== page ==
This week, Jair Bolsonaro, the President of Brazil, ignored the advice of his own health minister, and went for a walk in the capitol, declaring “We’ll all die one day.” Bolsonaro, a right-wing populist elected to the Presidency in 2018, is known for flouting conventional wisdom. He is especially cavalier about the environment. Several weeks ago, he introduced a bill to allow commercial mining on protected indigenous lands in the Amazon. Jon Lee Anderson, a New Yorker staff writer, recently returned from Brazil, where he was reporting on the effects of these exploitative practices on one indigenous group in particular, the Kayapo. He says that Bolsonaro’s mining bill, like so many of his more radical policies, will have effects that are almost impossible to predict. “The indigenous people are the last defense for some of the world’s last wilderness areas. Its habitats, its ecosystems, the animals that live within it, the medicinal plants that we have yet to even know exist—the indigenous people turn out to be the final custodians,” Anderson says. “And, in some tragic cases, they are also the handmaidens to their own destruction. And it’s always been that way, and that’s what people like Bolsonaro understand.”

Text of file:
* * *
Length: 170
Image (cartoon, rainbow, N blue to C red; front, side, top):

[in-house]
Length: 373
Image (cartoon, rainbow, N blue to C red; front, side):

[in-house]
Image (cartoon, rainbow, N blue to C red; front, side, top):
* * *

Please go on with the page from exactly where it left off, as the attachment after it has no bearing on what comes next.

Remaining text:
Audio used from the video of the late Chief Mro’o’s was produced by Glenn Shepard, an anthropologist at the Goeldi Museum, in Brazil. Additional music by Filipe Duarte.